Last week I posted an Endangered Species Glossary, discussing what the differences are between an animal that's endangered, threatened, etc. The next question is, how does an animal fit the criteria for being put on the endangered species list?
It's not as easy as I initially thought it would be. It takes careful observation and lots of crunching numbers.
For an animal to be considered critically endangered, the animal must be at least an 80% reduction over the last 10 years (or three generations). For an animal to be considered endangered, the reduction percentage must be at least 50%. For vulnerable, it's 10%.... read more
In September, I pledged to be greener by going paperless. In an effort to kick my paper habit, I downloaded Android apps to manage my shopping lists and balance my checking account (and I used them), I stated a recycling bin for myself and my officemates, I gave a reusable coffee cup to my assistant so she could stop using new paper cups every day, I utilized the Google To-Do list portion of my calendar over sticky notes, and I started a marker board to-do list for my officemates to use. ... read more
As a little kid in a sorta rural area of New Jersey, I loved fireflies. We'd catch 'em in jars, watch them light up, and set them free. I moved to California (where they don't have fireflies) in 1997, and then back to the Northeast in 2004. Since moving back here, I've seen very few fireflies. At first I thought that maybe Massachusetts was too far north to have fireflies, but even when traveling down to New Jersey or New York, I saw few fireflies. I kept wondering why. What happened to all the fireflies?
Today, I stumbled upon a website about the lack of fireflies. It's true, firefly populations are indeed declining. I learned that fireflies did typically live in Massachusetts. (Read about where they live) But why? And what can we do about it?... read more
Apparently I have imbibement on the brain, between my earlier post about wine and this one.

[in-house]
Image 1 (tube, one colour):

If you're a beer lover trying to lower your carbon footprint, one way you can do so is by supporting your local breweries. I know that Chimay is sooo good, but obviously beer brewed in your locale has a far lower carbon footprint than your favs shipped over from Belgium.
Here is a fantastic resource for finding breweries or learning which beers you see on menus and at the stores are actually brewed in your area: The Brewer's Association National Directory. Some breweries may also be pubs, others might give tours where you can taste beer. (Yum!)... read more
I'm a big fan of making things from home instead of buying them. We've been into canning our own marinara sauce and jam and my husband is a homebrewer. With the whole localvore movement, few things are more local than things you can make yourself. It's nice to know exactly what goes into what you make (no sulfites, insecticides, etc.)
Obviously, it has a much lower carbon footprint than buying something that comes from across the country. Sure, you may love your Napa wines if you live in NYC, but think of how far it has to travel. (Last year, Liz wrote a great post about wine. I learned that living on the East Coast, I'm better of buying European wine than wine from California.)... read more